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Modern and Traditional Japanese Culture: The Psychology of Buddhism, Power Rangers, Masked Rider, Manga, Anime and Shinto. 在日イギリス人男性による日本文化論.

Monday, December 16, 2013


Japanese High School Girls and the Real Visual

Japanese High School Girls and the Real Visual by timtak
Japanese High School Girls and the Real Visual, a photo by timtak on Flickr.
Max Weber would have us believe that the upper echelons of society create the fads and fashions which the hoi polio blindly follow. Unless Japanese high school girls are the upper echelons of Japanese society (that remains a distinct possibility) Weber's theory, and other "trickle down theories" do not apply to Japan. It is commonly said that Japanese fads and fashions start with Japanese high school girls. This common sense is believed to the extent that research institutes regularly survey Japanese high school girls' opinions to keep their finger on the pulse of the latest Japanese booms and crazes.

Risa Risa research institute has just published a list of the top 8 most popular things among Japanese high school girls. Get your pens ready! The top eight are as follows

1 Line (Skype for Smart Phones?)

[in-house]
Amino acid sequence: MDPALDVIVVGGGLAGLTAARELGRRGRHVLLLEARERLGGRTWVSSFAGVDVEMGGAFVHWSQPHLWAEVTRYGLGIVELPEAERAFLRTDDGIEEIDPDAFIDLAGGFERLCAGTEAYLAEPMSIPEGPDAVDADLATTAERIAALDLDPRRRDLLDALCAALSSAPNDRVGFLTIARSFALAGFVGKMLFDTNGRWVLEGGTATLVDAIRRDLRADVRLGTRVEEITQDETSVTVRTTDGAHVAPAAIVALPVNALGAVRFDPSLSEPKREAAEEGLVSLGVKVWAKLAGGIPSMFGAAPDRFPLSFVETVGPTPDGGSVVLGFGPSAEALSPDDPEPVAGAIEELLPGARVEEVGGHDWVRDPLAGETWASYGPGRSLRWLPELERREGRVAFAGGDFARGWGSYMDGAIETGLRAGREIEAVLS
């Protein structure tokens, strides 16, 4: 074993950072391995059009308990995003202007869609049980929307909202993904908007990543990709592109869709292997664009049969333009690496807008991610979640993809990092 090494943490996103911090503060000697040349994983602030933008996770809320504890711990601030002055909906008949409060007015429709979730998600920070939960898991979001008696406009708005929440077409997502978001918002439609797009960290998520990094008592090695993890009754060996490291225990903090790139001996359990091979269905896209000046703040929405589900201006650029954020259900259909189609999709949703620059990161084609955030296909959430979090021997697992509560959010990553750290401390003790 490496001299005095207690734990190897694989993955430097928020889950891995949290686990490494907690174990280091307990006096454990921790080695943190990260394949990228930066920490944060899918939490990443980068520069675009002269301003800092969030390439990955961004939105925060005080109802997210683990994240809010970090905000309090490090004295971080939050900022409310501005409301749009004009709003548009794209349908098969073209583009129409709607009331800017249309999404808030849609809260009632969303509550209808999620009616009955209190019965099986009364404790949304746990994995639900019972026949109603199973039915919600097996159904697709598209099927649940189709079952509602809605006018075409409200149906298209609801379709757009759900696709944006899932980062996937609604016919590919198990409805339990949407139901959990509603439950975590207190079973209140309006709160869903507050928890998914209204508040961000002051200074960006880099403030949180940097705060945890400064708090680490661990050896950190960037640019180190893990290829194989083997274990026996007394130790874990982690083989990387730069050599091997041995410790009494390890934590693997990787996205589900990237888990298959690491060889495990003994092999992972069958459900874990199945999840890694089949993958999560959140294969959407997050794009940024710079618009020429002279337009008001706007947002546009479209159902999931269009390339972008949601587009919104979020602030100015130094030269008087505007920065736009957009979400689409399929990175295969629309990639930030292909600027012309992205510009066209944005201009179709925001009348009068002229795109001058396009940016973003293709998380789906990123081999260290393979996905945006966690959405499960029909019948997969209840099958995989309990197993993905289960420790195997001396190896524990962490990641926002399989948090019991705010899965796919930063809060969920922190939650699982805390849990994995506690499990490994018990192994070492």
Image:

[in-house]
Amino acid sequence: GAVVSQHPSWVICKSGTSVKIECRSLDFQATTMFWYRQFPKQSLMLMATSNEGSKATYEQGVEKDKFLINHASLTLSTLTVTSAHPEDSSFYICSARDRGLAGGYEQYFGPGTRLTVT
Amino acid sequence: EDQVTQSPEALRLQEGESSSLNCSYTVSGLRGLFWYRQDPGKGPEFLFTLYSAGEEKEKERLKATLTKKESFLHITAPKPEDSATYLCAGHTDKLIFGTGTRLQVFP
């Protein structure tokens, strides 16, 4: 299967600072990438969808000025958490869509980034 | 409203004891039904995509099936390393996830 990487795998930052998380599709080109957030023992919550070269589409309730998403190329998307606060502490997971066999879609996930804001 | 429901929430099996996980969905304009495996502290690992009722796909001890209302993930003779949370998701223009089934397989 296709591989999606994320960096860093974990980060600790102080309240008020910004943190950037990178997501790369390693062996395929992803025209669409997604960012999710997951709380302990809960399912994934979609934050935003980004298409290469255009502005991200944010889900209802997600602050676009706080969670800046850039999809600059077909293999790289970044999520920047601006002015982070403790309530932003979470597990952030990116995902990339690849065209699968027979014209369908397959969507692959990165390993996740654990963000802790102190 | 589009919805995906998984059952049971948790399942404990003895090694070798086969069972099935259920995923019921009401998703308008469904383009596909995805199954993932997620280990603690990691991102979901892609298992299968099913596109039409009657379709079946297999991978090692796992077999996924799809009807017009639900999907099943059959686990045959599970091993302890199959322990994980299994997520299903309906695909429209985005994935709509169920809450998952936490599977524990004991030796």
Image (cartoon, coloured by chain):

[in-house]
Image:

2 Funasshi- (a cuddly character representing Funahashi City)
3 Twitter
4 Pretending to be "Attack Giant" in trick photography (above bottom)
5. TwitCasting (Twitter for Android?)
6. Makankou Sappou (Hadouken-ing, or Vadering) pretending to use the power of the force to move people in group versions of fast exposure "Yowayowa Kamera" style flying photography (above top).
7. Daisy Patterned Fabric
8. "Director Wrapped" jumpers (wrapping ones sweater or jumper around ones neck, with its arms used as a scarf).

All the above are important in informing investment decisions, and new product ideas. I would like to draw attention to the inclusion of two forms of trick photography (illustrated in the above photo), that emulate scale and motion through trick photography. Why should this be popular in Japan? I think that images have always been very popular in Japan, so much so that the Japanese identify them. Westerners tend to think of the real, scientific world being a linguistic construction, or mapping one to one with language, and images as merely the cover or "wrapping." In Japan however, words are the fluff, and reality is the in the image. If it looks real, then to most intents and purposes it is. Hence the popularity of Japanese idols, foreign villages, robots, look-good-but-tasteless-cakes, sweet curry-looking-custard, smiles, characters, manga, anime and as above, trick photography. The real is visual, the visual is real in Japan.

Images copyright their respective owners from the google image search for マカンコウサッポウ and 進撃の巨人ごっこ.

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This blog represents the opinions of the author, Timothy Takemoto, and not the opinions of his employer.